- Attorneys: While the state of Illinois does not legally require you to hire a lawyer, it’s smart for buyers to retain the services of a professional real estate attorney to help prepare the contract and ensure that the title is transferred properly.
- Climate and weather considerations: The Illinois River, the Chicago River, Lake Michigan and more — there are plenty of beautiful bodies of water in Illinois, but that beauty comes with the danger of flooding. Additionally, the state’s Midwestern location means that tornadoes are also a risk. So, as you browse for homeowners insurance, you’ll want to consider all necessary options to protect your home.
How much house can I afford in Illinois?
Doing the math on what you can spend for a new home can seem overwhelming at first, but there is a simple rule that everyone should follow: Do not spend more than 28 percent of your income on your housing costs. So, if you earn $6,000 each month, your monthly mortgage payment should not exceed $1,680.
However, your earnings aren’t the only piece that determines your home budget. When you apply for a mortgage, a lender is going to look at all of your other debts, such as student loans, car payments and credit cards. If you can make a significant dent in those you apply for a home loan, you’ll likely improve your chances of being approved for the lowest interest rate available. It’s a tricky balance, though, because you also need to maintain a healthy chunk of savings for your down payment. Use Bankrate’s new-home calculator to get a sense of what you can afford.
Saving for a down payment in Illinois
The median down payment on a home in Illinois was $26,457 in March of 2022. If that figure makes your heart skip a beat, don’t worry: There are quite a few options to help you come up with the funds you need to become a homeowner here.
The Illinois Housing Development Authority offers four down payment assistance programs. Some are forgivable after a period of five or 10 years, while others require the money to be repaid. To be eligible, you’ll need a minimum credit score of 640, a debt-to-income ratio of 45 percent or lower, an annual income within the agency’s limits and the ability to contribute at least 1 percent or $1,000 of your own money to the purchase. If you qualify, you may be able to borrow between $6,000 and $10,000 to help you buy a home.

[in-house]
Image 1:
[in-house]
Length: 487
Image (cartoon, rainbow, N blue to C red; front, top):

While down payment assistance is particularly helpful for first-time homebuyers, Illinois’s programs aren’t just reserved for those trying to get their first properties. And if you’re a low-income borrower trying to buy a home in the city of Chicago, be sure to explore the city’s Building Neighborhoods and Affordable Homes Program, which includes assistance for certain properties in Englewood, Lawndale, Humboldt Park, Garfield Park and Woodland.
Get preapproved for a mortgage
Now, it’s time to officially set the wheels in motion and get preapproved for a mortgage. A preapproval letter will serve as evidence that you will be able to secure the necessary financing to see a deal through to completion. Every seller wants to see this to feel confident about moving forward with your contract. Preapprovals don’t last forever, though; the document may only be good for 60 to 90 days from being issued. So get preapproved when you are getting serious about buying a home.
Find the right lender
When you’re ready to find the lender who will actually loan you the money, keep in mind that it doesn’t have to be the same one that offered you a preapproval. Different lenders offer different repayment terms, loan options, closing costs and interest rates, so comparing a few different mortgage companies licensed in Illinois is crucial to finding the best deal for your finances. Pay close attention to the APR to get a real understanding of the true borrowing costs.
Find the best local real estate agent in Illinois